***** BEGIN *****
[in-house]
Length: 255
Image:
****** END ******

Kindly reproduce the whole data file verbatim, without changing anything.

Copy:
[in-house]
Length: 255
Image: